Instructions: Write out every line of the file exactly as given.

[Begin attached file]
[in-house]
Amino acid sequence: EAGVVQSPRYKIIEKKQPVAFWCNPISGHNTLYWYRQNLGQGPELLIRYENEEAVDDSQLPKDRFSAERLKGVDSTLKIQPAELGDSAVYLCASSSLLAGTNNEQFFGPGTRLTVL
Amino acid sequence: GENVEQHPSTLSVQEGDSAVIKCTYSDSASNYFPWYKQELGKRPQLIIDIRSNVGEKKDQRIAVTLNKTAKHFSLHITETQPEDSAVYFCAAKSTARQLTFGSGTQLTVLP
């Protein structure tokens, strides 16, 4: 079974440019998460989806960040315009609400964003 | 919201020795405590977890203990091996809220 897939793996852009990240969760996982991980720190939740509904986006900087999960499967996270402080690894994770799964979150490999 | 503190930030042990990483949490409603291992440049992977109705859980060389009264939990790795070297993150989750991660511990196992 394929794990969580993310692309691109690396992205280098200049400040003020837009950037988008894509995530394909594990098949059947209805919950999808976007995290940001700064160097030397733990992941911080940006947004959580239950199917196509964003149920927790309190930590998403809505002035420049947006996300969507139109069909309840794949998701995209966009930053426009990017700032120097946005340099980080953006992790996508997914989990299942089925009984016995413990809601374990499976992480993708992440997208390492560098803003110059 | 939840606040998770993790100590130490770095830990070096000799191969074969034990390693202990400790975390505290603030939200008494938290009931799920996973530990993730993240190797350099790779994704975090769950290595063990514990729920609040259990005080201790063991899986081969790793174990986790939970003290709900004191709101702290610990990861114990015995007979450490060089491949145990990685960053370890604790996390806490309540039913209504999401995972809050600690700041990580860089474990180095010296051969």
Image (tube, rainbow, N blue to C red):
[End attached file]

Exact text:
[in-house]
Amino acid sequence: EAGVVQSPRYKIIEKKQPVAFWCNPISGHNTLYWYRQNLGQGPELLIRYENEEAVDDSQLPKDRFSAERLKGVDSTLKIQPAELGDSAVYLCASSSLLAGTNNEQFFGPGTRLTVL
Amino acid sequence: GENVEQHPSTLSVQEGDSAVIKCTYSDSASNYFPWYKQELGKRPQLIIDIRSNVGEKKDQRIAVTLNKTAKHFSLHITETQPEDSAVYFCAAKSTARQLTFGSGTQLTVLP
């Protein structure tokens, strides 16, 4: 079974440019998460989806960040315009609400964003 | 919201020795405590977890203990091996809220 897939793996852009990240969760996982991980720190939740509904986006900087999960499967996270402080690894994770799964979150490999 | 503190930030042990990483949490409603291992440049992977109705859980060389009264939990790795070297993150989750991660511990196992 394929794990969580993310692309691109690396992205280098200049400040003020837009950037988008894509995530394909594990098949059947209805919950999808976007995290940001700064160097030397733990992941911080940006947004959580239950199917196509964003149920927790309190930590998403809505002035420049947006996300969507139109069909309840794949998701995209966009930053426009990017700032120097946005340099980080953006992790996508997914989990299942089925009984016995413990809601374990499976992480993708992440997208390492560098803003110059 | 939840606040998770993790100590130490770095830990070096000799191969074969034990390693202990400790975390505290603030939200008494938290009931799920996973530990993730993240190797350099790779994704975090769950290595063990514990729920609040259990005080201790063991899986081969790793174990986790939970003290709900004191709101702290610990990861114990015995007979450490060089491949145990990685960053370890604790996390806490309540039913209504999401995972809050600690700041990580860089474990180095010296051969």
Image (tube, rainbow, N blue to C red):